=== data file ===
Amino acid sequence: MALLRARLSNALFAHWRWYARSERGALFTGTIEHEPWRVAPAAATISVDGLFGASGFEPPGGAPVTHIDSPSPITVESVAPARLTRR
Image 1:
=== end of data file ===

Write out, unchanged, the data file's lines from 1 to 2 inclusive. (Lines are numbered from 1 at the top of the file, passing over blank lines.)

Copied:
Amino acid sequence: MALLRARLSNALFAHWRWYARSERGALFTGTIEHEPWRVAPAAATISVDGLFGASGFEPPGGAPVTHIDSPSPITVESVAPARLTRR
Image 1: